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By RACHNA LAL
The proposed multi-billion dollar Namosi copper and gold mine has been the centre of discussion recently.
Tension continues between the landowners and the Australian mining company Newcrest Mining, which leads the Namosi Joint Venture in partnership with Japanese interests.
Prime Minister Commodore Voreqe Bainimarama has said he is stepping into lead the discussions – and has made it clear the views of the landowners must be heard.
The Tikina Namosi Landowners Committee yesterday highlighted some of the concerns of the landowners which they believe the mining company was in breach of.
They also said the issuance of the Special Prospecting License (SPL 1420) was done without their knowledge and consent.
In a statement, the committee secretary Sipiriano Nariva said unresolved grievances and what he called an unethical approach by Newcrest over the years had been a major concern for landowners.
“It therefore gives us great concern in the event the mining licence is granted.
“Misinformation is a common strategy used not only to mislead the landowners but most recently the Fiji public as evident in Newcrest’s newsletters, media releases and project information pamphlets.
“We are at the same time deeply concerned about the repercussion of mining to those villagers living downstream in the provinces of Naitasiri, Tailevu and Rewa.
“We are also concerned with the manner in which Newcrest is advocating the Environment Impact Assessment (EIA) when in fact most of the environmental impacts of their prospecting works in Namosi remain unresolved and is still a major concern for landowners.
“To Newcrest, the environment assessment seems to be the solution to all queries raised by landowners and all we have been told was to await its outcome,” he said.
Mr Nariva said they had seen and experienced theimpacts of prospecting works on their land for over 40 years.
“We feel this is enough to assess the environmental and social impacts of mining on their people and our environment, irrespective of what the assessment outcome might be.
In response to these claims, the Namosi Joint Venture said they were consulting directly with landowners and Government through a jointly agreed process.
“The Namosi Joint Venture encourages input from all stakeholders about the project.
“The information we have put out to the public and in our information booklet is correct.
“There is an Environmental Impact Assessment underway with consultations continuing at the end of the month and the process includes extensive consultation with nearby villagers and other impacted or interested stakeholders and a range of studies.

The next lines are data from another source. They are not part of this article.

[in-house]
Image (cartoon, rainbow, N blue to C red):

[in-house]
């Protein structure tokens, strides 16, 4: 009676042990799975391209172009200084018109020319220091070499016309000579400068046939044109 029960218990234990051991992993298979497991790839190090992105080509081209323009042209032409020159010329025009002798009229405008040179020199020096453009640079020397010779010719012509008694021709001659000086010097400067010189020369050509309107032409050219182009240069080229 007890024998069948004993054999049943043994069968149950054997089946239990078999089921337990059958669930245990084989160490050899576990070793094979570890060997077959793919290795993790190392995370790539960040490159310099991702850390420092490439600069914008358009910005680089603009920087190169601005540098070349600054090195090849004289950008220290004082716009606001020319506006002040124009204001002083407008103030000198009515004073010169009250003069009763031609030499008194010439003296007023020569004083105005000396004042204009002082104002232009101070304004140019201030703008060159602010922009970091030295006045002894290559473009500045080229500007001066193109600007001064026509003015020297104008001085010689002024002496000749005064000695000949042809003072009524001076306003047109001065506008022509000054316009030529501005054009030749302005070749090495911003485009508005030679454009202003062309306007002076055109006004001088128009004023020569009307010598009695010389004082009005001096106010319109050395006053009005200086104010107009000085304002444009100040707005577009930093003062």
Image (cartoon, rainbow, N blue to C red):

“The assessment will help determine whether a mine can be developed safely and economically and in an environmentally sustainable manner.
“The Government will then determine if a mine can proceed and under what conditions. The NJV will then decide whether to build and operate a mine,” the mining company said.
On the other hand, the landowners acknowledged the benefits received so far in terms of employment opportunities, education assistance, and community assistance.
Mr Nariva said the involvement of NGOs is in no way related to their objective in their initial position that there be no mining on their land.
“It is an insult to landowners for people to say that NGOs should be held responsible for our actions with regards to opposition to the project on environmental grounds.
“It is our land and we are very much capable of thinking and speaking for ourselves.
“We the landowners are very much responsible for our actions and Newcrest should be bold enough to face us and our grievances rather than diverting attention from the real issue.
“In fact we have been requesting for more than two years that there be awareness on the impacts of mining because Newcrest in our view was only informing the people of the benefits of mining. Those requests however fell on deaf ears.
“As a result, it was our decision to seek the assistance of NGOs in order to enlighten the people on the impacts of mining, they were also requested to provide current updates on the impacts of mining from all over the world including our Pacific neighbors,” he said.
Mr Nariva said they have reached a stage where they are so frustrated with Newcrest and Namosi Joint Venture and its activities on their land.
“We have come to a decision to let our intentions known to the whole of Fiji and the rest of the world in that we do not want our land to be mined.
Mr Nariva stated they would be seeking an audience with the Prime Minister to voice their grievances and the decision they had reached communally.